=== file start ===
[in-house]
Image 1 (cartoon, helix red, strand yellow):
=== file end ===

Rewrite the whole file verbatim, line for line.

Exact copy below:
[in-house]
Image 1 (cartoon, helix red, strand yellow):